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Presentation on theme: "Chapter 7 - Appendix – 3 COMMUNICATING& REPORTING THE RESULTS."— Presentation transcript:


2 Written research reportsWritten research reports –Getting started –Report components –Main body of the report – technical aspects –Main body of the report – structure and content Other mediaOther media –Oral presentations –Use of PowerPoint-type software Types of research report

3 Written Research Reports: Types TypesTypes –Management/planning project report –Academic article –Thesis / Graduation Project Distinguished by:Distinguished by: –Authors –Content –Brief –Quality assurance –Readership –Published status –Length –Emphasis

4 Types of written research report Characteristic Management/ planning/project report Academic article Thesis AuthorsIn-house staff, external consultants or funded academics AcademicsHonours, masters doctoral students ContentReport of commissioned or grant- funded project Report of academic research BriefProvided by commission organisation or out- lined in grant application Generally self- generated (some commissioned) Generally self- generated (some grant-funded)

5 Types of report Characteristic Management/ planning/project report Academic article Thesis Quality assurance In-house: internal consultants/academic: reputation of consultants / researchers Anonymous refereeing process Supervision + examination by external examiners Readership Professional managers / planners and possibly elected or appointed board / council / committee members Primarily academics

6 Characteristic Management / planning / project report Academic article Thesis Published status May or may not be publicly available Publicly available (often on-line) in published academic journals Publicly available in libraries and, recently, on-line; findings generally published in summary form in one or more academic articles LengthVariesIn the social / management sciences, including leisure / tourism: 5000–7000 words In the social / management sciences, including leisure / tourism: Honours20,000 Honours: c. 20,000 words Master’s40,000 Master’s: c. 40,000 words PhD70,000 PhD: c. 70,000 words + Types of report (Continued)

7 Management / planning/ project report Academic article Thesis EmphasisEmphasis on findings rather than links with the literature / theory and methodology (but latter must be described) Methodology, theory, literature as important as the findings Types of report (Continued)

8 Getting started It’s never too early to start writing Many parts of a report can be written early in the research process

9 Cover Title page Contents page(s) Summary Preface / Foreword Acknowledgements Main body of report Appendices Report components

10 Section numbering Paragraph numbering? 'Dot point' lists Page numbering Headers / footers Heading hierarchy – use software ‘styles’ Typing layout/spacing Tables and graphics Referencing Which person? –Personal: ‘I/we conducted a survey’ or –Impersonal ‘A survey as conducted’ Main body of report: technical aspects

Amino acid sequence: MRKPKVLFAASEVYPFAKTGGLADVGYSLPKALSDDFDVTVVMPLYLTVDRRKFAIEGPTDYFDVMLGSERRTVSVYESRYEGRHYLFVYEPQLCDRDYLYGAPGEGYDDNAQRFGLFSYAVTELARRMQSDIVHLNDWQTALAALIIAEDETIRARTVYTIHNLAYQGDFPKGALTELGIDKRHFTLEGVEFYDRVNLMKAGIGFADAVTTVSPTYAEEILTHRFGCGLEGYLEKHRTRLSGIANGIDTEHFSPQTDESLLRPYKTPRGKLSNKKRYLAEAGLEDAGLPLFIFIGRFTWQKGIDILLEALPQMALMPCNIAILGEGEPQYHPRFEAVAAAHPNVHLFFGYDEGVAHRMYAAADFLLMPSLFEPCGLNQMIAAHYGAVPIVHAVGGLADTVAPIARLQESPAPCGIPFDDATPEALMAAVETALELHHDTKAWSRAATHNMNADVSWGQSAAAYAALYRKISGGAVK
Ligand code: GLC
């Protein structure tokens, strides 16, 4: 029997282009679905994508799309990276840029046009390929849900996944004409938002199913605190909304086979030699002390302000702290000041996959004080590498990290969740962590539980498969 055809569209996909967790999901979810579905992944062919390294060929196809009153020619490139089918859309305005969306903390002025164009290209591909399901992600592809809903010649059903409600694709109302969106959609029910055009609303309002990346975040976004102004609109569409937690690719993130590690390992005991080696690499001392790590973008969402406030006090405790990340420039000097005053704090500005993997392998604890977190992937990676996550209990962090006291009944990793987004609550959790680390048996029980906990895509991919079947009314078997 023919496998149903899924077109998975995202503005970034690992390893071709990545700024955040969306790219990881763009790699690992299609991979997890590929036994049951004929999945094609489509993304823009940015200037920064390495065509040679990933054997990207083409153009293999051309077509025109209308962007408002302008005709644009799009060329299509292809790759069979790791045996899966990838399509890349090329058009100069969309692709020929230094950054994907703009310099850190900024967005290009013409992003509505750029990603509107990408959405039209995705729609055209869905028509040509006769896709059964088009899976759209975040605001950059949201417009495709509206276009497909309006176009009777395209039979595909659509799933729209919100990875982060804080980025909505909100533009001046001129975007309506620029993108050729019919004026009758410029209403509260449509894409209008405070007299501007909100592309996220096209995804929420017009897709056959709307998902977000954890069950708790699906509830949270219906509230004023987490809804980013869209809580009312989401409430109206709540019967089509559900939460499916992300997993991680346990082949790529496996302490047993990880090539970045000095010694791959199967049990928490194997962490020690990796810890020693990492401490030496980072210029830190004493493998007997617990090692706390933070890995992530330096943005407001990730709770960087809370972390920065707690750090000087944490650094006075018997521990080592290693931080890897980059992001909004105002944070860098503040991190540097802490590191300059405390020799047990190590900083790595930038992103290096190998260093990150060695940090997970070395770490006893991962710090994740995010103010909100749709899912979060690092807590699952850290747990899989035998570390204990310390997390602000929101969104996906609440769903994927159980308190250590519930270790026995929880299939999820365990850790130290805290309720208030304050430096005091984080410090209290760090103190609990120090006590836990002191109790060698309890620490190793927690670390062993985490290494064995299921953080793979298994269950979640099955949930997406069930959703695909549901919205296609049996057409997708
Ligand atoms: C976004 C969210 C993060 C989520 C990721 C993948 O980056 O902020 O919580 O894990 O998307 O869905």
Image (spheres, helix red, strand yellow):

11 Tables/graphics All should have: –Numbers, titles –Date of data –Geographical area –Nature of sample (e.g. age-range) –Sample size –Units of measurement, e.g. £, $ –Source, unless related to the main study empirical work Role of tables/graphics: presenting facts Role of text: comment, highlight key features, summarise

12 Main body of report: structure and content Most important factors: 1.Structure 2.Structure 3.Structure Explain structure, emphasise throughout the report Also: explain structures of individual chapters/ sections throughout

13 Background / introduction / justification for the research / nature of the problem / issue Review of the literature Specific outline of problem/issue/hypotheses Methods Results Conclusions References Typical structure of academic articles

14 Between ‘methods’ and ‘results Between ‘methods’ and ‘results’ methods resultsIn empirical research: as part of ‘methods’ or at the start of ‘results’, indicate: sample –Size of sample achieved –Response –Response rates and consequences characteristics –Sample characteristics and its representativeness of the population –Measures –Measures taken to correct any sample bias

15 Audiences and style Popular Decision-makers Experts: professional or academic

16 Report functions recordReport as record –Information for current and future reference –Use appendices if necessary narrativeReport as narrative –Telling a story, developing an argument

17 E. Issue/topic 2: results/analysis F. Issue/topic 3: results/analysis X. Summary/conclusions etc. A. Introduction, etc. B. Issue/problems/literature, etc. C. Data collection D. Issue/topic 1: results/analysis Report as narrative – structure

18 Other media Oral presentations: Audio-visual presentation is not the same as a written report Must be designed in its own right – in view of time available Typically involves being selective Sensible to rehearse to get timing right

19 PowerPoint-type software Don’t stand in front of the screen! Don’t overcrowd individual slides Check readability on full-size screen Use graphics where possible Take care with coloured text/backgrounds Use ‘animation’ as appropriate


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